Open source also tends to promote a natural-order meritocracy. Contributors who tend to display the best judgment also tend to have more of their contributions reflected over time. Unending forum discussions and controversies are a feature rather than a bug. They focus attention on problems—both real and imagined—which helps better assure that whatever is implemented has been looked at and tested from diverse angles.

Many computers worldwide run software that implements the Bitcoin protocol. A protocol is something roughly like a spoken language. Participants must speak that language and not some other, and they must speak it well enough to get their messages across and understand others. New protocols can be made up, but just as with making up new languages, it is usually rather unproductive. Such things only take off and become useful if enough others see a sufficient advantage to actually participate.

Second, as a peer-to-peer network, there is no center. Anyone can download core Bitcoin software and start a new node. This node will discover and start communicating with other nodes or “peers.” No node has any special authority or position. Each connects with at least eight peers, but sometimes many more. Some faster and always-on nodes relay more information and have more connections, but this conveys no special status. Any node can connect or drop out any time and join again later. A user does not have to run a full node just to use bitcoin for ordinary purposes.

It is common to say that Bitcoin is “decentralized” or doesn’t have a center. But then, Where is it? Thousands of active peering nodes are spread over most countries of the world and each one carries an up to date full copy of the entire blockchain.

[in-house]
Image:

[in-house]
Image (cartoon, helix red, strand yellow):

Some nodes not only relay valid transactions and blocks, but also join the process of discovering and adding new blocks to the chain. Such “mining” activities both secure the final verification of transactions and assign first possession of new bitcoin to participating nodes as a reward. Understanding basically how mining works requires a look at the distinct functions of several different types of cryptography.

Bitcoin cryptography dehomogenized

Bitcoin relies on two different types of cryptography that few people understand. Both are counter-intuitive in what they make possible. When most people hear “cryptography,” they think of keeping data private and secure through encryption. File encryption can be used to help secure individual bitcoin wallet files, just as it can be used for the password protection of any other files. This is called symmetric key cryptography, which means the same key is used to encrypt and decrypt (AES256 is common in this role). Encryption may also be used for secure communication among users about transactions, as with any other kind of secure traffic. This is called asymmetric key cryptography, which means a public key encrypts a message and its matching private key decrypts it at the other end.

However, all of this is peripheral. Nothing inside the core Bitcoin protocol and network is encrypted. Instead, two quite different types of cryptography are used. They are not for keeping secrets, but for making sure the truth is being told. Bitcoin is a robust global system of truth verification. It is in this sense the opposite of the “memory hole” from George Orwell’s 1984; it is a remembering chain.